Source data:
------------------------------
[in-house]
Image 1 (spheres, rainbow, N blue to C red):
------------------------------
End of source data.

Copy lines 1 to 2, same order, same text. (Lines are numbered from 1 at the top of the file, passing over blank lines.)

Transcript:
[in-house]
Image 1 (spheres, rainbow, N blue to C red):